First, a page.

The necessity of NCCP10/08/17Health
PEN explores the importance of the implementation of National Cancer Control Programmes (NCCP), as outlined by the World Health Organization.
The National Cancer Control Programme (NCCP) is a public health programme designed by the World Health Organization (WHO) to reduce the number of cancer cases and deaths, as well as to improve quality of life amongst cancer patients. Through the national implementation of systematic, equitable and evidence-based strategies for prevention, early detection, diagnosis, treatment and palliation using available resources, it is intended to achieve such aims. WHO believes that, regardless of resource constraints, a well-conceived and well-managed ‘NCCP helps reduce the cancer burden and improve services for cancer patients and their families’, as quoted on their website.
Cancer was the second leading cause of fatality across the globe in 2012, with 8.2 million recorded. The annual number of new cases is anticipated to rise from 14.1 million in 2012 to 21.6 million in 2030. Speaking upon the release of his 2016 report ‘Cancer prevention and control in the context of an integrated approach’, Dr Etienne Krug, director of the WHO Department for the Management of NCDs, Disability, Violence and Injury Prevention, said in a press release: ‘Cancer should not be a death sentence for anyone anywhere. The capacity exists to reduce the burden of cancer and improve the survival and quality of life of people with cancer. WHO is pleased to have a renewed mandate to support countries to ensure access to cancer care for all.’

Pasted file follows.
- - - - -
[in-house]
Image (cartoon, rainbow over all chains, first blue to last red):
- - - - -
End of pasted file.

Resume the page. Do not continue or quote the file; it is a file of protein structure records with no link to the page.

The benefit of an NCCP is to provide the most efficient means of attaining a substantial degree of cancer control, despite resource constraints. WHO recommend that an NCCP be established in areas where the burden of the disease is significant, an evident rising trend of cancer risk factors, or a need to make the most efficient use of limited resources. Concerns which have led to the initiation of an NCCP centre upon resources being used inefficiently.
WHO outlines the crucial principles of a national cancer control programme within the ‘National Cancer Control Programmes: Policies and managerial guidelines’ second edition as goal-orientated, focused on the needs of the people, and a systematic decision making process. Moreover, the monograph places emphasis on a systemic and comprehensive approach, leadership, partnership, and continuous improvement, innovation and creativity.
Prevention and control
A survey conducted in 2001 by the World Health Organization assessed the national capacity for the prevention and control of cancer, amongst other non-communicable diseases, in 167 countries. The findings indicated that nearly half of the respondent countries had a cancer control policy or plan. Around two thirds of the countries identified the availability of national guidelines for prevention, and nearly half reported that cancer management guidelines had been produced.
In order to initiate the establishment of an NCCP, WHO provides recommendations from the pre-planning stage through to implementation. They suggest that: ‘All key stakeholders should be involved early in the planning stages, and national leadership is needed throughout the process. Decision makers can be reassured that a cancer control plan will not create a costly vertical programme, but should be integrated with non-communicable diseases and other programmes to make better use of available resources.’
The translation of a cancer control plan into action necessitates competent management and leadership, which are vital to ensuring that accurate methods are applied in the right place and at the same time, with the appropriate people to mobilise resources and analyse progress. In order to implement NCCPs, WHO recommends that interventions be conducted ‘in a stepwise approach’, to focus on improving the organisation of resources. Stemming from successful demonstrations, more resources would be justified, consequently expanding the programme.